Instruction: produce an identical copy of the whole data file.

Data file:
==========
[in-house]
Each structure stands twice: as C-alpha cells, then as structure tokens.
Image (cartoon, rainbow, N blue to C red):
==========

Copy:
[in-house]
Each structure stands twice: as C-alpha cells, then as structure tokens.
Image (cartoon, rainbow, N blue to C red):